6. As stated above the original agreement fixing initial rent was admittedly valid when made. The question is whether the subsequent amendment of the proviso affects the agreement and makes it unenforceable except to the extent permitted by it. My answer to the question is that the amendment made in 1943 by which a maximum limit for the rent was fixed does not prevent the raiyat from enforcing the original contract. Section 41 in its amended form does not provide that a tenant shall not recover rent in excess of the prescribed minimum. Its requirement only is that at the time an under-raiyat is admitted to a tenancy, the rent agreed upon at the time of admission should not exceed a certain limit. Its language limits its application to the agreement made at the time of the admission of the tenant to the tenancy. It would follow that it could not apply to agreements by which the tenants were admitted to the occupation of land before the Act came into force and, therefore, also to agreements made before Section 41 was amended. If an under-raiyat is admitted before the Act came into force, the section would not cover the agreement even though the minimum rent provided by it was below the statutory limit. Similarly, an agreement made after the Act came into force but before the amendment would not be affected if the rent made payable is in excess of the specified maximum. This follows from the language of the amended section itself.
7. Mr. Ghosh argues that the words 'admitted to the occupation of land' do not have this significance. He has not been able to give any other meaning to these words. He, however, has relied on Jodhan Prosad v. Haji Mahomed Yanus, 42 cal. w.n. 992, in support of his contention. The proposition laid down in that case is very different and the decision, therefore, is of no assistance to him. To appreciate the significance of this decision, it is necessary to examine the provisions of the law on which it was based in relation to the facts of the case. Section 48, (old) Bengal Tenancy Act, provided that the landlord of an under-raiyat holding on a money rent shall not be entitled to recover rent exceeding the rent which he himself paid by more than certain percentages laid down in the section. A maximum limit was thus fixed by the section. It was later on amended. The amendment abolished the maximum limit. The learned Judges of the Calcutta High Court held that though under the old Act rent in excess of specified maximum was not recoverable, the agreement providing for it was not itself cancelled or condemned. When the old section was amended and the maximum limit was abolished, the rent for the period after the amendment could be claimed at the contractual rate. This decision is not an authority for the proposition that Section 41, Goalpara Tenancy Act, would apply even to rent agreement by which under-raiyats were admitted to the occupation of land before even the Act came into force or that the amended section would apply to agreements made before the amendment. The removal of a restriction may not have the same effect as its imposition particularly when the imposition of a new restriction affects vested rights.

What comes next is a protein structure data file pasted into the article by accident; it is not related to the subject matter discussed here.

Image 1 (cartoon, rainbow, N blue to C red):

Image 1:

8. On general principles, also the amended provision should not have any retrospective effect. As held by a Full Bench of the Lahore High Court in Sham Singh v. Vir Bhan, A.I.R. 1942 Lah. 102 :
'A retrospective operation is not to be given to a statute so as to impair an existing right or obligation, otherwise than as regards matters of procedure, unless that effect cannot be avoided without doing violence to the language of the enactment. If the enactment is expressed in language which is fairly capable of either interpretation it ought to be construed as prospective only.
The same rule governs the applicability of an amending statute to a pending action and provisions which touch a right in existence at the passing of the statute should not be applied retrospectively in the absence of express enactment or necessary intendment.'
9. This decision is based on Delhi Cloth and General Mills Co. v. Income-tax Commrs. Delhi, A. I. R. 1927 P. C. 242. In Asikannessa Bibi v. Dwijendra Krishna, A.I.R. 1931 cal. 92 (2), Mallik J. held that
'Every statute which takes away or impairs vested rights acquired under existing laws or creates a new obligation, or imposes a new duty or attaches a new disability in respect of transactions or considerations already past, must be presumed to be intended not to have a retrospective operation.'
The rule so stated was applied by him to an amendment of Section 174, Bengal Tenancy Act.
10. It is clear that the rights which the raiyat acquired under the original agreement made prior to the amendment would remain intact and would not be impaired by the amendment of Section 41 which came in force in 1943.
11. The compromise on which the suit is based came after the agreement. But this merely reduced the rent for 3 years and as plaintiff's rights under the original agreement are not impaired there is nothing in law to prevent him from making some concession to the under-raiyat for a limited period. The tenant was not admitted to the land by the compromise; nor has it been contended that the compromise could be regarded as fresh agreement of tenancy. It merely gave the under-raiyat a temporary concession. The claim under the compromise thus is enforceable.
12. For reasons given above, this appeal must fail and is dismissed with costs.